Health indices are poor as can be seen in the maternal mortality ratio   of 1025/10000 live births, infant mortality and child mortality rates are 114 and 269/ 1000 live births respectively. The prevalence of HIV and TB are on the increase and non-communicable diseases are increasingly becoming public health problems. This, in part is because of low coverage of high impact cost-effective interventions. For example, only 22% of children are fully immunized, less than 20% of women deliver in a health facility and only a fifth have their deliveries supervised by a trained health professional.
Political commitment to health development, especially at the Local Government level is poor. While the State government has articulated a number of policies and laws aimed at reforming the health services, some crucial ones are yet to be operationalised with a whole lot suffering from implementation problems. There is poor coordination and lack of effective health leadership, especially at the Local Government Area level. Health funding is low, unpredictable and not timely. Out-of pocket expenditure remains the dominant method of financing health care in the State. 
 There is gross inequity in the distribution of health facilities and health personnel. Shortages of drugs remain a problem as well as dearth of equipment, especially at the PrimaryHealth Care level. There are gaps in the quantity, quality and mix of health care personnel. Services remain fragmented, not integrated and essentially limited to clinic-based interventions, and referral systems are poorly developed. The health management information system is poorly developed and it excludes the private sector. Community participation is poor and the state public private partnership policy is yet to become fully operational (Kaduna State Ministry of Health, 2009).
1.1 Statement of Research Problem
Maternal mortality is a contemporary global phenomenon which plaques Nigeria and the world at large, claiming the lives of women in the process of bringing forth lives. It is a burden that weighs heavily on everyone since in a bid to ensure generational continuity; women are faced with varying challenges.  Consequently, there has being massive cry out to curb the rising rates of death. 

During the first International Safe Motherhood Conference in Nairobi, Kenya in 1987 as well as the Beijing Conference and International Conference on Population and Development held in 1994 in China and Egypt respectively, maternal mortality was highlighted as a significant health problem. As a result of this prevalent health challenge, over the years, lots of programs and strategies have being designed, developed and even implemented by different International Governmental Organizations as well as Non-Governmental organizations which is also in line with the Millennium Development Goals of 2001.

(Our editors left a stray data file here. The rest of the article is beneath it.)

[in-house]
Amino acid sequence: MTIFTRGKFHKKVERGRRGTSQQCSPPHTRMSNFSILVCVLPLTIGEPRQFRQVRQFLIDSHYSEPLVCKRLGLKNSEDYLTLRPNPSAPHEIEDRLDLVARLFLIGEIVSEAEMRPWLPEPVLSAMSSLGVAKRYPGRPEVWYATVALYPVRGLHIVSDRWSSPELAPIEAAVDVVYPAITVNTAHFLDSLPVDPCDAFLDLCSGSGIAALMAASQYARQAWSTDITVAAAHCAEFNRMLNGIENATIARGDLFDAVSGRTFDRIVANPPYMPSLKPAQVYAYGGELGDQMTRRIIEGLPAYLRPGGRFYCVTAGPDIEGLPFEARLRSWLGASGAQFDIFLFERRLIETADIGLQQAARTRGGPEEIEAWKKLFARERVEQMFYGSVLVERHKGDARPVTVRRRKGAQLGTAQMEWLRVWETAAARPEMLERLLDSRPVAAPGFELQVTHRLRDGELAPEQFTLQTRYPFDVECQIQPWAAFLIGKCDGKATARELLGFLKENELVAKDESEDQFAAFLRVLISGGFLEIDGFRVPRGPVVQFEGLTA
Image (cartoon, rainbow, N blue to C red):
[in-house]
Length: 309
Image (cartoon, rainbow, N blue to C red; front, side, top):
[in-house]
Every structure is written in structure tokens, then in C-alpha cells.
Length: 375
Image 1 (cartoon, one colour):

Prominent among these organizations are World Health Organization, Society for Family Health and others. It is based on the above, that this research work will evaluate Department for International Development’s intervention in maternal mortality in Kaduna State in Nigeria from 2012-2014 through supported Partnership for Transforming Health Systems-II (PATHS II) and The Safe Motherhood Initiative demand(SMID) in creating a template of interventions that could fill the wide gap between private and public health facilities, especially at the primary levels in terms of maternity rate in the state and to reduce by two thirds the mortality rate among children under five and further reduce by three quarters the maternal mortality ratio.

The various nature of its intervention are done through funding, monitoring and evaluation, rural enlightenment. DFID is helping to build strong and investable business environments in developing countries and improving access to finance for entrepreneurs. Improving the prospects for girls and women in developing countries is a priority. Investing in girls and women is the smart thing to do, as well as the right thing to do. By unleashing their potential, they see returns for girls and women themselves, their families and communities, and for their economies and countries. No country can successfully develop if it leaves half its population behind.

1.2 Research Questions
This research work seeks to ask the following questions;
a.       What is the role of Department for International Development (DFID) in curbing the rising rate of maternal mortality, in Kaduna state and the rest of Nigeria?
b.      What are the causes of maternal mortality?
c.       What is the existing statusquo of maternal mortality in Kaduna state in particular, and the rest of Nigeria in general?

1.3 Objectives of the Study
This research work seeks to achieve the following aims and objectives;
a.       Assess the role of Department for International Development (DFID) in curbing the rising rate of maternal mortality, in Kaduna State and the rest of Nigeria as well as make practicable recommendations.
b.      Identify the causes of maternal mortality.
c.       Assess the existing statusquo of maternal mortality in Kaduna State in particular, and the rest of Nigeria in general.

1.4 Research Assumptions
          This study assumes that:
a.   Developing countries such as Nigeria have a high level of dependency; as such they rely heavily on international support to complement their existing resources.